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*To*: znc14@ttacs1.ttu.edu*Subject*: Re: Deinonychus claws expalined as climbing adaptions*From*: Jonathon Woolf <jwoolf@erinet.com>*Date*: Sun, 27 Apr 1997 16:30:26 -0700*Cc*: dinosaur@usc.edu*References*: <01II5W7UW1HO987V0M@ttacs.ttu.edu>*Reply-to*: jwoolf@erinet.com*Sender*: owner-dinosaur@usc.edu

Jonathan R. Wagner wrote: > > To head off another argument on this topic: many tree climbing > animals do indeed have more than one climbing claw, in addition to other > adaptations (fingers get longer going out, etc.). Thanks, Jonathan. This reminds me of something else funky (IMHO) about _Deinonychus_'s feet. There's a beatiful closeup of a _Deinonychus_ foot on pp. 130-1 of DISCOVERING DINOSAURS IN THE AMNH (Norell, Gaffney, Dingus). This is a left foot, seen in profile from the left. The foot shows a total of four digits, with the innermost one vestigial and the superclaw on the second one from the inside. Each digit on this foot has a different number of phalanges. The vestigial digit has 1. The superclaw has 2. The next digit out from the superclaw has 3, and the outermost digit has 4. This makes the four digits four distinctly different lengths. Correct me if I'm wrong, but don't most dinosaurs' feet have a roughly similar number of phalanges in the major digits? I would at least expect to find the two weight-bearing digits with the same number of phalanges. What benefit did _Deinonychus_ get from this odd shape to the foot? -- JSW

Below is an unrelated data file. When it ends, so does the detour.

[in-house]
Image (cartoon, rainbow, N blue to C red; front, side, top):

**References**:**Deinonychus claws expalined as climbing adaptions***From:*"Jonathan R. Wagner" <znc14@ttacs1.ttu.edu>

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